Member, European Parliament Working Group on Innovation, Access to Medicines and Poverty-Related Diseases. Reference Advisor for “Drugs for the developing countries”, SIMIT (Italian Society for Infectious and Tropical Diseases). Former Director, Infectious Disease Division, Pistoia city Hospital (Italy).
Background: Reluctance of the multinational pharmaceutical companies to joinÂ the Medicines Patent Pool plan for HIV drugs (antiretrovirals-ARVs) might undermineÂ its desirable objective of scaling up long-term, extended access to novel, affordableÂ and appropriate ARV formulations in resource-limited settings.Â
Methods: This paper makes an analysis of conflicting issues and calls for a tradeÂ context facilitating a reverse of multinational drug manufacturersâ€™ reluctance to joinÂ patent pool. To this aim, partnerships between multinational companies are urgedÂ first to make cutting edge brand fixed-dose combination (FDC) ARVs promptly available, and secondly, to allow patent pool agreements to be negotiated immediatelyÂ afterwards. This context rejects clauses that exclude middle-income countries fromÂ sharing in the patent pool.Â
Expected results: The suggested trade context can help speed up the participation of originator pharmaceutical companies in the Medicines Patent Pool, whileÂ allowing them to maintain competitiveness, take advantage of incoming joint venture opportunities and circumvent the need for additional incentives. This contextÂ potentially tackles in an appropriate way the directions of evolution in emergingÂ markets, while bringing benefits to resource-limited populations, multinational drugÂ corporations and manufacturers from middle-income countries.
Conclusions: This study mixes analysis of health needs and of changing dimensions both in legislation and the pharmaceutical industry, with a political economyÂ focus that considers the interests and capacities of key participants in global HIVÂ treatment. So compounded, this study offers practical suggestions to stimulate theÂ current debate
HIV patent pool, resource-limited populations, antiretroviral medicines, trade context, manufacturers from middle-income countries, multinationals.
4.8 billion people live in the developing countries: 43 percent of them rely on less than US$ 2 a day. Communicable diseases disproportionately affect these populations [1,2]. Drug treatments for these diseases may be very expensive, or toxic, or difficult to administer, or ineffective if microbial resistance spreads. With regard to HIV infection, only 5 million infected people (out of 15 million in need) were receiving specific medicines (antiretrovirals- ARVs) in the low- and middle-income countries in 2009, while Sub-Saharan Africa accounts for three-quarters of these figures and HIV resistance against first-line ARVs involves about 20% of patients in three years time from the beginning of treatments [3,4]. Thus, appropriately formulated novel medicines that are safe, affordable and effective are needed.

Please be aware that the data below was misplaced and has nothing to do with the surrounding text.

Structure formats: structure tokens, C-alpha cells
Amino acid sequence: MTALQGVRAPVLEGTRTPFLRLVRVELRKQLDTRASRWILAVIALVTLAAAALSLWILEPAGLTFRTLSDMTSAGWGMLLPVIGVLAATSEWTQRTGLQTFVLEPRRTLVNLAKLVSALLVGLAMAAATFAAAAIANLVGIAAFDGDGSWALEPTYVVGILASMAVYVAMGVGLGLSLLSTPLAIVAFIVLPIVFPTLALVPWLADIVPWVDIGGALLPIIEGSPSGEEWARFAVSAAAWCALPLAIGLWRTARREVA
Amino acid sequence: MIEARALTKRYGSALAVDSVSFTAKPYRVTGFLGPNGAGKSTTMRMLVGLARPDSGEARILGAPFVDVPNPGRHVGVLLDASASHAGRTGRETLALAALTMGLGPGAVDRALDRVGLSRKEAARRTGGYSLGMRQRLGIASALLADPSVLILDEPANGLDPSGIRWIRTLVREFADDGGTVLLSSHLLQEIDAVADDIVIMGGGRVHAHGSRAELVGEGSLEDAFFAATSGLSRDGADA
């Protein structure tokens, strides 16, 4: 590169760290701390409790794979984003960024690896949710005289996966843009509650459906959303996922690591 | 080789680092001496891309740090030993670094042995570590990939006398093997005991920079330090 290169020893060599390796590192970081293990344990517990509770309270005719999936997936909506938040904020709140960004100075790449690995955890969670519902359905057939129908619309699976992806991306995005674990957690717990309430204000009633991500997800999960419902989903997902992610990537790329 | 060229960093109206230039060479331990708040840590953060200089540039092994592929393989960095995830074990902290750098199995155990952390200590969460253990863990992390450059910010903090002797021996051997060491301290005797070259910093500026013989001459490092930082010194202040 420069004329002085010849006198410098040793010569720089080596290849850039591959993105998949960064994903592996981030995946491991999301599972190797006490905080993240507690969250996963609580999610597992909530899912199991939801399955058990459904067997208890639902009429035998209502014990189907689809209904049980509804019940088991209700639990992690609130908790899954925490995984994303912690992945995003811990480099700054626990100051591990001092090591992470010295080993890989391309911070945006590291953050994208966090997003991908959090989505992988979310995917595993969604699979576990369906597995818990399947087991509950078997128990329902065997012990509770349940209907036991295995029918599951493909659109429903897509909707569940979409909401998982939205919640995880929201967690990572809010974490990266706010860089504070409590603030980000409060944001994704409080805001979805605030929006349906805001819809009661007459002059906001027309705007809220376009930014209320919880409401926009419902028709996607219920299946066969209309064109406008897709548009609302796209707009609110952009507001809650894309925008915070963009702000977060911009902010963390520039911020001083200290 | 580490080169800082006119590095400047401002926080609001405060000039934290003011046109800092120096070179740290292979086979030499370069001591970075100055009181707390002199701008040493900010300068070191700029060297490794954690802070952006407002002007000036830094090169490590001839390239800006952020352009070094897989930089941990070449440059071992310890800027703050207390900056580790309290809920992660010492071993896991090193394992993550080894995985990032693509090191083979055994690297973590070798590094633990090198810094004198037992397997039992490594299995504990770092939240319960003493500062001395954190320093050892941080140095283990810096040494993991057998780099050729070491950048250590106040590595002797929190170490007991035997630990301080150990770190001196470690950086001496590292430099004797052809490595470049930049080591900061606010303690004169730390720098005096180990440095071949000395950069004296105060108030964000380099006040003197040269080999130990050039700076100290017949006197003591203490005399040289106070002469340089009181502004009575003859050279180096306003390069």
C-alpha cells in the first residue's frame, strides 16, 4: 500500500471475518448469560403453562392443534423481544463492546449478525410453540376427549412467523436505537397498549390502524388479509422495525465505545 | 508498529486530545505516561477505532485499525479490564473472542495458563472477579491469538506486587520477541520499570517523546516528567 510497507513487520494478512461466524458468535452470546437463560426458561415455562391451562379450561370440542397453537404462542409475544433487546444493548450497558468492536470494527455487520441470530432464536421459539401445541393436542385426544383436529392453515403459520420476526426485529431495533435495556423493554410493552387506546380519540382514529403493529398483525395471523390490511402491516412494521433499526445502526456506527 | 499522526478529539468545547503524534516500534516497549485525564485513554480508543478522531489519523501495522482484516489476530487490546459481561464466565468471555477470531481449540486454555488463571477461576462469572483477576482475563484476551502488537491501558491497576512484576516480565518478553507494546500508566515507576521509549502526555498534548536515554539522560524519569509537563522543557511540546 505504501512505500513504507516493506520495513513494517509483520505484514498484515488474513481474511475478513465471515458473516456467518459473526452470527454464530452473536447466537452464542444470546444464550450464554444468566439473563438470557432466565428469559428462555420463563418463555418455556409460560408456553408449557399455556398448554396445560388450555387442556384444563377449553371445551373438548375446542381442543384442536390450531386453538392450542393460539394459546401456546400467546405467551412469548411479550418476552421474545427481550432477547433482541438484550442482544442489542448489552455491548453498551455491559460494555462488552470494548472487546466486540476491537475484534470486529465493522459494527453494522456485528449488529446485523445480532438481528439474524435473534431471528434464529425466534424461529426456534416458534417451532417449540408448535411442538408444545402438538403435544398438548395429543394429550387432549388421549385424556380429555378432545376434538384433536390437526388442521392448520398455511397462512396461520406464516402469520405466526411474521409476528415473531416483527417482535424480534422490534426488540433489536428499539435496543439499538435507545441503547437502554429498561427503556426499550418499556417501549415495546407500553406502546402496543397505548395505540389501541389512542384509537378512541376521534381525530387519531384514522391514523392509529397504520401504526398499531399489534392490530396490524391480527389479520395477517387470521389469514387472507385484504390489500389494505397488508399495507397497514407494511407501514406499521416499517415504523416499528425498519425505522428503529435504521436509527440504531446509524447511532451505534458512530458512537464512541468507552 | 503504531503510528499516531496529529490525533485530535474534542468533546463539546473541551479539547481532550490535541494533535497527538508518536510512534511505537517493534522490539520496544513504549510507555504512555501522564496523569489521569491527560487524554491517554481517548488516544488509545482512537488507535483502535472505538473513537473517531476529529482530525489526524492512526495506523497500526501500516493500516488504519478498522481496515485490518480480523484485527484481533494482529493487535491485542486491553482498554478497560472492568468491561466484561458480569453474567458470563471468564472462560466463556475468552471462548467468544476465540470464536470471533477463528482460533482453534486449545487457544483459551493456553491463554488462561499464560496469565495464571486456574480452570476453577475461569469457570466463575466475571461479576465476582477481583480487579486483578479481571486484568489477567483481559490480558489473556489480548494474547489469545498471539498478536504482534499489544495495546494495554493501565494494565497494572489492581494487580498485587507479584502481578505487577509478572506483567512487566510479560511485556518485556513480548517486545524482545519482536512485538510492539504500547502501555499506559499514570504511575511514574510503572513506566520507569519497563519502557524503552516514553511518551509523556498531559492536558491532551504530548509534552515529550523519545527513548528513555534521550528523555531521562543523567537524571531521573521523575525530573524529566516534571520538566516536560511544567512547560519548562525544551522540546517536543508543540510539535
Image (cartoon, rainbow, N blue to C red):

As the current patent system generates incentives for new drug development in profitable markets only, where originator firms can recoup their research and development (R&D) expenses through sales at monopoly high prices, it does not work for the poor end users in resource-limited countries.
Nonetheless, increasing pressure is registered nowadays for strategies able to promote pharmaceutical innovation and ensure long-term access to treatments by the poorest populations [2,5]. The resolutions of 61st World Health Organization (WHO)’s World Health Assembly included patent pools as part of the whole Global Strategy on Public Health, Innovation and Intellectual Property aimed to increase access to medicines, stimulate R&D related to diseases that disproportionately affect the developing world, and delink R&D costs from the end product prices .
A patent pool is created when a number of patents by different owners are pooled and made available on a non-exclusive basis to third parties (for instance, the generic drug manufacturers).
Major commitment to putting the patent pool idea into effect, by initially focusing on ARVs, is shown by UNITAID in its reference field as an international facility to provide long-term funding to increase access to drugs and diagnostics for HIV, malaria and tuberculosis (TB) . As of November 1, 2010, the “Medicines Patent Pool” has transitioned out of UNITAID, and is functioning as a separate legal entity, though UNITAID continues to support it and is funding its operations under a five-year Memorandum of Understanding .
From public health and political economy perspectives, a key issue is how to design a suitable trade context for making the patent pool for ARVs both politically feasible and effective in achieving its goals. This paper contributes to debate and discussion of these issues.
The patent pool plan invites patent holders to offer the intellectual property (IP) related to their inventions to the Medicines Patent Pool [7,8]. Any company that wants to use the IP to produce or develop ARVs can seek a license from the pool against the payment of royalties, and may then produce the medicines for use in developing countries (conditional upon meeting agreed quality standards). The plan relies on a voluntary mechanism, meaning its success will depend on the willingness of originator pharmaceutical companies to participate and commit their IP to the pool. Quantified benefits are expected to encompass, through greatly increased competition, substantially lower prices for second and third-line patent pool generated fixed-dose combination (FDC) ARVs1.